Tiger Woods Opens Season With High Expectations And A Solid Start
SAN DIEGO — A year ago, Tiger Woods was ranked No. 647 in the world when he arrived at Torrey Pines Golf Course. He was coming off career-threatening spinal-fusion surgery, had not won on tour in almost five years and was happy just to be playing after another long layoff.
The operation to fuse two vertebrae in his lower back, he said this week, was “the last-ditch effort to give me quality of life” even if it did not allow him to compete at the highest level of professional golf again. That is why he had low expectations heading into 2018 and said he was “pleased” to make the cut and finish tied for 23rd at the Farmers Insurance Open.
A year later, much has changed, including Woods’s expectations. He made his season debut Thursday, again at Torrey Pines, but this time coming off a season of steady progress that culminated in his September victory at the Tour Championship in Atlanta — his 80th PGA Tour title, but his first since 2013. He had also climbed to No. 13 in the world rankings.
Woods shot a two-under-par 70 in the opening round on the South Course, putting him eight shots behind the leader, Jon Rahm, in a tie for 53rd, but he seemed anything but discouraged. He has winning on his mind again.
“This year, it’s totally different,” he said. “I have a great understanding of what I can and can’t do. There’s not the uncertainty that I had going into the year last year, after what I did at the end of last year. I know what I’m feeling, so now it’s about finishing a littler better and winning some events.”
Woods has won eight titles at Torrey Pines as a pro — including the 2008 United States Open — and one Junior World Championships title as an amateur. It will, however, be a tall order to catch the leaders in a field featuring 12 of the world’s top 20 players — especially after Rahm, the world No. 7 and the 2017 tournament champion, set a record for the renovated North Course with a 62. One shot back is the world No. 1, Justin Rose, who also played the North Course.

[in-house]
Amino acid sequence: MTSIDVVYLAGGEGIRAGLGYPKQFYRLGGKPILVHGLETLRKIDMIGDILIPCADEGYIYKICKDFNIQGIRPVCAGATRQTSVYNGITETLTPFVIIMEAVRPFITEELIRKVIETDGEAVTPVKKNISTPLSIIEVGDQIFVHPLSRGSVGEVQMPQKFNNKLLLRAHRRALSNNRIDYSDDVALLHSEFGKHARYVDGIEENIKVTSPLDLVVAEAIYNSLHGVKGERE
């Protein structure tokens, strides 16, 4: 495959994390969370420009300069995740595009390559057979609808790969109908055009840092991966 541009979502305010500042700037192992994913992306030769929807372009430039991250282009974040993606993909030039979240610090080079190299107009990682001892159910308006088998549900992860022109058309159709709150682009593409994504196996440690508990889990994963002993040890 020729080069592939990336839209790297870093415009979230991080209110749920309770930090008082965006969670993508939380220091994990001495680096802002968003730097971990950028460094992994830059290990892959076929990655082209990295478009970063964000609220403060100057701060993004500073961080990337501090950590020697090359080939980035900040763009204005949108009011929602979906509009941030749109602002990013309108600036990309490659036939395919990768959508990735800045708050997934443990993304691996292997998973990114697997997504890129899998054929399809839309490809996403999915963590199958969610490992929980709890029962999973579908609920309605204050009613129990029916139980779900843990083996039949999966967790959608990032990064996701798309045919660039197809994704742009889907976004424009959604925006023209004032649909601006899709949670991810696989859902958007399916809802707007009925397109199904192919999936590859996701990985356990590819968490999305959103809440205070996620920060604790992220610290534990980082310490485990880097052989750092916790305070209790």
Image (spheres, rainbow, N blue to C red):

Woods said he knew what that meant as he headed to that course for the second round on Friday. “That forces me to shoot a low one, because everybody on the North went low today,” he said.
Everyone in the 156-player field plays one round on the South Course and one on the North before the 36-hole cut is established. The cut last year was one under par, the score Woods had in advancing to weekend play for the first time since 2015.
On Thursday, Woods made five birdies and three bogeys, with three of his birdies coming on par 5s: Nos. 6 (9-foot putt), 9 (15-footer) and 18 (12-footer). He drove the ball well until midway through the back nine, when he missed three consecutive tee shots to the right. He managed to save par from the right rough on the 14th and 15th holes, but he failed get up and down from a greenside bunker on the par-3 16th and made bogey.
“Over all, it was a pretty solid day,” he said. “I felt I drove it pretty well. Even though I missed a few fairways, they were controllable. My feel was a little off, but that should get better.”
His best shot of the day was a towering 6-iron on the 215-yard, par-3 11th hole that rolled to a stop 3 feet from the cup. He made the birdie putt to reach two under, but not until he had summoned a rules official to explain that he had accidentally moved his ball while addressing it on the green.
“I was about to build my stance, and the ball moved,” he said. “So I had to move it back to where it originally was.”
After his win in the Tour Championship, Woods had played competitively only three times — in the Ryder Cup in Paris, where he went 0-4 and was admittedly fatigued after playing seven events in nine weeks; a Thanksgiving weekend exhibition match in Las Vegas against Phil Mickelson; and his annual charity tournament in the Bahamas the first week of December.
He said he had used the six weeks off before the Farmers to spend “a lot of time in the gym, trying to get stronger,” and to relax, often free-diving and spearfishing near his home in Florida — hobbies that he said he had missed while dealing with chronic back problems in recent years.
“Last year, toward the end of the season, I got really tired because I didn’t expect to play that much golf, and I didn’t train for it,” he said. “But now I feel like my legs are where they need to be. That’s why I’ve been so diligent about training. But there are days when I just don’t practice and I don’t train. That’s probably been one of the lessons I’ve learned through all of this is there are days where I just have to shut it down and just not do anything and just relax.”